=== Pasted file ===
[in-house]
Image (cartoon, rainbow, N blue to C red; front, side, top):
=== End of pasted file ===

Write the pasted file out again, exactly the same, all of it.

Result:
[in-house]
Image (cartoon, rainbow, N blue to C red; front, side, top):